Katie Albers, who teaches a split class of Grades 4 and 5 at Southview Community School, is the Southeastern Zone 6 Edwin Parr winner for 2023. Medicine Hat Public School Division trustees and members of the leadership team were there to cheer her on when she received the news.
“I didn’t actually know everyone would be there,” said Albers. “It was very surprising to me and I felt so happy. It was nice to have so much support. I was honoured and very surprised I won. There were a lot of good teachers there.”
Her class is working on a resiliency project where students learn about the importance of resiliency and what it means, and how each of us can bounce back from hard times in our lives. The project also involves students choosing a person who has helped them persevere. The class will be having an ice cream social near the end of June and inviting each of these people so they can be honoured for their ability to help students.
“For me, this has been my highlight so far, but this group will always be so special to me because it was my first class,” stated Albers, who is happy for the summer to come, but also emotional with the conclusion of her first year of teaching.
But there are plenty of activities planned for June, including some swimming dates.
“I was so proud of them on Friday,” said Albers. “We went to Crestwood Pool and two of the lifeguards gave a huge compliment to our class and said this school is amazing, these kids are so kind and loving and this school is awesome.”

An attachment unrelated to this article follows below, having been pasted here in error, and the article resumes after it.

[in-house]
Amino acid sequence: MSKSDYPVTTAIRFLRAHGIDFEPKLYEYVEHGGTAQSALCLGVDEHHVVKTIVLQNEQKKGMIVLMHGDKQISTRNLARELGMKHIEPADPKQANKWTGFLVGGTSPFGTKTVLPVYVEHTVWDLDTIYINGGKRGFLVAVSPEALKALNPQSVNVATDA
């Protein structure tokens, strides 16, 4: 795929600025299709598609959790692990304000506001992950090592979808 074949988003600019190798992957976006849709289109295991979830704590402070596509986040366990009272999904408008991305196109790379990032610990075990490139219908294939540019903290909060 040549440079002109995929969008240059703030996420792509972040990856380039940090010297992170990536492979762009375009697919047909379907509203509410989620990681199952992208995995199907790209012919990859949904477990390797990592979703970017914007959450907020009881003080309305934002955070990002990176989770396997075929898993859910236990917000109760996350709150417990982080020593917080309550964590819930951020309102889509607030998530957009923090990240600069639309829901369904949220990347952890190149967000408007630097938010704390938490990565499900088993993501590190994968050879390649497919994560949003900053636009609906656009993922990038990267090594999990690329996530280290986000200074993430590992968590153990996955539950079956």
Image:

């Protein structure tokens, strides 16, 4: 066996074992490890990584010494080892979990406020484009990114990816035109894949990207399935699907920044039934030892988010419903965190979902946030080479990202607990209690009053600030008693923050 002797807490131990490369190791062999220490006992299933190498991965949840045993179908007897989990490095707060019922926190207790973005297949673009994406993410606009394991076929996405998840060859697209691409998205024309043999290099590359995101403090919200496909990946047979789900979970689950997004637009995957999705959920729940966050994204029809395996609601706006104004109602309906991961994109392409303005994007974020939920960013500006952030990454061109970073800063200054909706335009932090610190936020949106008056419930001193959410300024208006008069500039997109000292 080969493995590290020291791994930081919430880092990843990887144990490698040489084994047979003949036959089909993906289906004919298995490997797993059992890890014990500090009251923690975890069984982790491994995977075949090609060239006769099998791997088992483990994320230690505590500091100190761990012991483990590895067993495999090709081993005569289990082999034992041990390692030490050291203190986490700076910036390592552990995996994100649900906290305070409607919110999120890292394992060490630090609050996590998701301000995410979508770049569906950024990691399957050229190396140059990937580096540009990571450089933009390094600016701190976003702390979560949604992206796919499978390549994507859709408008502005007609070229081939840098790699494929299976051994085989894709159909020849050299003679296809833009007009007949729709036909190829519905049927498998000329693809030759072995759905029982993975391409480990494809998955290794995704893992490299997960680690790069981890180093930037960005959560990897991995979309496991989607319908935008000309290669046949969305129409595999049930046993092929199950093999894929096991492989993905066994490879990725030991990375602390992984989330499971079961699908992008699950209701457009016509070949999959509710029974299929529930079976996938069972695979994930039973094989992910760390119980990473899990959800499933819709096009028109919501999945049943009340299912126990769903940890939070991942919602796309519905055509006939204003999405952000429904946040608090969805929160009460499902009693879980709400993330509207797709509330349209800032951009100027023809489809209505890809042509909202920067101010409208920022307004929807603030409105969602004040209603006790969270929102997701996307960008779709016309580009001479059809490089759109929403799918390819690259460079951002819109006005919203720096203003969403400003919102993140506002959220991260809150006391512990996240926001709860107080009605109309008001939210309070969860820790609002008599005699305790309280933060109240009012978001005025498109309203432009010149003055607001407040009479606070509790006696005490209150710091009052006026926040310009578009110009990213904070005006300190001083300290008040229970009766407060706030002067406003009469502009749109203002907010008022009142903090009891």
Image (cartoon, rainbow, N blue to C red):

Albers took that compliment and brought it back to the kids, knowing it was important they also hear those kind words.
The class will also be visiting the water park and the grand finale will be a class party.
“We have to have a day where we bring our stuffies and blankies and have a class movie to end the year because that has been a request all year,” said Albers.
Before having children, Albers was an educational assistant and then stayed home for close to 15 years raising her three children. She went back to university as a mature adult to pursue her dream of becoming a teacher, one she has held most of her life after a teacher realized – when Albers was in Grade 3 – that she couldn’t read.
“Somebody saw me and said this girl is memorizing all the books her parents read to her. I wanted to become a teacher so I could be someone who saw kids too.”
By SAMANTHA JOHNSON, Local Journalism Initiative Reporter
Original Published on Jun 07, 2023